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Installation view, Still Life

Irish poet and playwright William Butler Yeats once proposed that the element of water had so inflected the Irish soul, that, referring to images of the dead, “We can make our minds so like still water that beings gather about us that they may see, it may be, their own images…”. This idea of evoking the past via reflection of the presenthung in my mind on seeing Still Life, curated by Polly Staple at Lismore Castle Arts, a gallery set in an historic castle in County Cork, Ireland. The show is graceful and light in unfolding; four still-lifes by Gillian Carnegie, two photographs by Anne Collier, a large-scale piece made from multiple postcards of a birch wood by Sherrie Levine. Flanking this winter garden are works by Seth Price and Mark Leckey, which more directly investigate the status of images as objects, along with an offsite project by Richard Wright, that references the Pugin wallpaper found in the castle interior.

Questions of representation and replication are paramount throughout the show. Using still life as a central theme highlights the genre’s low esteem, now commonly associated with feminine or decorative arts—which is particularly relevant in the context of the castle, a repository of years’ worth of aesthetic taste. This prominence and juxtaposition with an earlier way of interacting with painting highlights the variety of hats representational work may wear now, when painting can be read semiotically, formally or as object rather than figuration. Carnegie’s decision to make her still life out of dead flowers suggests both a continuation of the genre and a reflection of its death in a social sense—the market and taste for still-lifes has, of course, dried up, in a Western les statues meurent aussi . Two of her paintings, ‘Popul Vuh’, 2003, and ‘Fleurs de Huile’,2001, in which the paint is built upon itself to form ridges of texture, are particularly enthralling. Collier’s fantastic ‘Open Book #4 (Pink Floyd)’ and ‘Open Book #3 (Island Wilderness)’, both 2010, part of a larger series, depict the artist’s hands holding open a book, photographed from above, to show images of the starry night sky and the sea, respectively. The works suggest the absurdity of trying to bracket off the limitless—a patheticness underscored by the original photographs’ kitschy, faded 1970s colour—and even the sheer folly of representation in a world of replication. Are these works still allegoric, one bouquet representing all bouquets, and springtime or winter, and youth or death? Collier’s truncated mise en abyme wards against this chain of allusions, grounding it in its reference to the artist, whose place one occupies as one looks at the photographs (as objects). Setting Levine’s work—an installation of found postcards, each showing the same picture plane of a leafy wood—opposite Collier’s and Carnegie’s makes for an intergenerational conversation among the artists, but her work falls strangely flat here. The postcard’s mass-market origins seems to play against any critique that the logic of the series might offer, and their generous mounting and light wood framing domesticates the unreality of repetition, making it plaintive rather than critical.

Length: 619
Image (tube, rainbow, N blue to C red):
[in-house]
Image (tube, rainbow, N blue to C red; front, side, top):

These three works are hung in a triangular configuration in the main space, and it is hard not to read them as forming a nexus to which the men—Leckey, Price and Wright—are satellites, and indeed their work feels of a different temperature: as cool and contemporary as the women’s works are engaged with the past. The other world evoked by Leckey’s ‘Made in ’Eaven’, 2004, again mesmerizes, suggesting anon-site of contemporary presentation that would challenge Yeats’ spiritualist belief that one could see, in the ‘still-water’ minds of his countrymen, the past—or anything, for that matter. There is no better depiction of Koons’ troubling affectlessness than the woozy emptiness of this digital version of his bunny, which simply and endlessly reflects the world around it.

Adrift in this repurposed wing of the castle, the weirdness of contemporary art makes itself felt—its determinate ahistoricality, its need to replicate rather than progress, and appropriate rather than depict. This tension is interior to many of these works— Collier’s, Leckey’s, Levine’s—and, though it might have been pushed, it feels right to abut the castle’s (literally) rock-solid evidence of historical primogeniture with contemporary uncertainty about how to move forward.

Melissa Gronlund is managing editor of Afterall